Justin Chon’s ‘Blue Bayou’ Aims to Crack the Glass Ceiling for Asian Stories

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Photo Source: Courtesy Focus Features

In a moment when borders are being closed and ideological tribalism is running rampant, meditations on the meaning of home in all its shades may hold the key to unlocking bits of empathy with a well-timed emotional gut punch. Such is the case with “Blue Bayou,” the urgent new film from actor, writer, and director Justin Chon. 

“I would have to fit into something that’s much more traditional—you play the best friend or the tech guy. And that stuff is really great work and opportunities that I should be grateful for, but at the same time, not very fulfilling in the long run.”

After premiering earlier this summer as an official selection of the Cannes Film Festival, the film hit theaters Sept. 17. The contemporary, slow-boiling drama stars Chon as Antonio LeBlanc, a Korean American adoptee raised in the Louisiana bayou. Struggling to make ends meet for his pregnant wife, Kathy (“The Danish Girl” Oscar winner Alicia Vikander), and her young daughter from a previous marriage, he takes odd jobs when he can while peddling discounted tattoos on the streets of New Orleans. When a scuffle with Kathy’s ex-husband leads to Antonio’s arrest, he risks deportation as an adoptee—despite Louisiana being the only home he’s ever known. 

“About five years ago, I found out that adoptees were being deported, and that the path to staying or to be brought back was not as simple as just showing some documentation,” Chon says on a Zoom call. “I felt really emotional about what they’re going through, and one my big things [as a filmmaker] is bringing empathy to Asian Americans, and this is part of that spectrum of stories. I wanted to shed light on the issue.”

An actor since the mid-2000s, Chon was previously best-known for playing Eric in the “Twilight” film franchise. Since 2015, he’s shifted gears to working behind the camera, writing and directing four independent features—“Man Up,” “Gook,” “Ms. Purple,” and now “Blue Bayou”—all of which are centered squarely on Asian American heroes going through distinct trials.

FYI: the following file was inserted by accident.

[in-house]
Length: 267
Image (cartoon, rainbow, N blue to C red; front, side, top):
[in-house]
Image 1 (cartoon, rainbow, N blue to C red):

“I’ve always made short films, but I never even remotely thought to do it in a substantial way,” Chon says of his earlier work as a creator. “It was just another avenue for me to create stuff and stay busy, because as we all know, as actors, there’s a lot of times we’re not doing anything; the phone is not ringing.”

It wasn’t just the limitations of an acting career that drew him to tell stories like Antonio’s, though. He admits that after a decade in the industry, he saw a “glass ceiling” approaching, and he began wanting to tell culturally rich, specific stories that he wasn’t being offered elsewhere. 

“I could see my future very clearly. I was probably headed towards network television and finding a way to make a living by doing that, and I just didn’t want to accept that,” he says. “That was what the next 20 years looked like, you know? I had to do something to take control.”

He remembers growing up admiring the work of actors like Sean Penn and films like “Carlito’s Way” and wondering where he might fit into a story like that, if at all. “Understanding that there’s not really a precedent for that is very limiting,” he reflects. “I would have to fit into something that’s much more traditional—you play the best friend or the tech guy. And that stuff is really great work and opportunities that I should be grateful for, but at the same time, not very fulfilling in the long run. It’s about memorizing information rather than fully realizing [a character]…. I’ve had many of those types of experiences, and it’s very limiting as an artist. I wanted to, at the very least, create roles for other actors that are more than that.”

So how did he do it? For actors who want to break big behind the camera, he advises that they take any opportunity on set as a learning experience in the craft of filmmaking.  

“Be very prepared as an actor, and do all your preparation and work, and show up and do the performance to [the] best of your ability. But while you’re there, if you have any inkling of stepping behind the camera, use that as free film school, and bother everybody on set, and figure out what everybody does and how things work,” Chon says. “And then, secondly, don’t wait! It’s really the best time to be able to create your own content. You have these iPhones that are 4K, and editing software is as accessible as it’s ever been. And then develop a perspective. What is it about the way you look at the world that’s different from everyone else? What makes you tick? What makes you passionate?”

“Blue Bayou” is just the latest installment in Chon’s projects that checks all of those boxes. Now, it’s possible to find yours.

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Benjamin Lindsay
Benjamin Lindsay is managing editor at Backstage, where if you’re reading it in our magazine, he’s written or edited it first. He’s also producer and host of a number of our digital interview series, including our inaugural on-camera segment, Backstage Live.
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